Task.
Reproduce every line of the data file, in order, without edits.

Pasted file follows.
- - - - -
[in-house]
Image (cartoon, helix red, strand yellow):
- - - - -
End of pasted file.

[in-house]
Image (cartoon, helix red, strand yellow):